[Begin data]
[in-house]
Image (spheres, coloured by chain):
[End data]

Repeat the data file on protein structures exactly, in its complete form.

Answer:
[in-house]
Image (spheres, coloured by chain):